- Before a joint session of Congress, President Biden will pitch his plan for free college.
- His proposal could increase the number of students attending college and their incomes over time, the White House said.
- Critics argue there are better ways to help the students who need it the most.
As part of a massive new spending package, President Joe Biden is calling on Congress to enact legislation to allow students to enroll in community college at no cost.
The administration's American Families Plan calls for $109 billion to make two years of community college free for all students in addition to a roughly $85 billion investment in Pell Grants to decrease the reliance on student loans.
Under Biden's plan, about 5.5 million students would pay no tuition or fees, the White House said.
Also included in the massive spending package is $62 billion for programs to increase college retention and completion rates at institutions, particularly community colleges, that serve high numbers of low-income students.
Biden is set to detail the plan Wednesday night, during an in-person address before a joint session of Congress.
In fact, 25 states, including Arkansas, Indiana, Minnesota, Montana, Oregon, Rhode Island and Tennessee, already have statewide free community-college programs and even more were expected to follow before the coronavirus pandemic put a severe strain on state and local budgets.
In the state-based programs already in place, students receive a scholarship for the amount of tuition that is not covered by existing state or federal aid.
Most are "last-dollar" scholarships, meaning the program pays for whatever tuition and fees are left after financial aid and other grants are applied.
Enrollment at four-year private colleges would fall by about 12%, while enrollment at four-year public universities and community colleges would rise by roughly 18%, according to a study on the economic impact of making some college tuition free by the Campaign for Free College Tuition and the student-led advocacy group Rise.
"You've got a net effect of almost 2 million more students enrolled in college," said Robert Shapiro, lead author of the study and a former economic advisor to President Bill Clinton.
"Make it free and they will come," he said.
Graduation rates would also rise, Shapiro found, resulting in an increase in social mobility and higher incomes overall.
"I cannot think of a single policy change that would affect the long-term prospects of as many people as this would."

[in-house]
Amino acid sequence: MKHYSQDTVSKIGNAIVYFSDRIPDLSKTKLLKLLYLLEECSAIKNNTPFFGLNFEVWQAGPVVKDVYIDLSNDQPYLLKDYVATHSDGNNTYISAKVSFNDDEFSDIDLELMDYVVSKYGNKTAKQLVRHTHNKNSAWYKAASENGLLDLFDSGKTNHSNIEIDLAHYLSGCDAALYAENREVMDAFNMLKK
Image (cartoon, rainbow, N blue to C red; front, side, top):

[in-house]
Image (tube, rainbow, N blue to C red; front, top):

Over time, "I feel quite confident that ultimately this program will pay for itself," Shapiro said. "It will raise incomes and also raise underlying productivity which would [in turn] raise incomes and corporate profit.
"That's the closest thing to a win-win."
Not only have millions of American workers lost their jobs since the Covid outbreak and economic crisis that followed, but with rampant unemployment, many families now say they they cannot afford college.
One-quarter of last year's high-school graduates delayed their college plans, according to a survey from Junior Achievement and Citizens, largely because their parents or guardians were less able to provide financial support.
Even fewer students enrolled in community college due to the pandemic.
Community college students likely are older, lower-income and often balancing work, children and other obligations. They are also disproportionately people of color — all groups that were especially hard hit by Covid.
However, not all experts agree that free college is the best way to combat the college affordability crisis.
Critics say lower-income students, through a combination of existing grants and scholarships, already pay little in tuition to state schools, if anything at all.
Further, the money does not cover fees, books, or room and board, which are all costs that lower-income students struggle with, and diverting funds toward free tuition could come at the expense of other operations on campus, including hiring and retaining faculty and administrators.
In addition, community college is already significantly less expensive. At two-year public schools, tuition is $3,770 for the 2020-21 school year, according to the College Board. Alternatively, at four-year, in-state public schools, tuition is $10,560 and, at four-year private universities, it averages $37,650.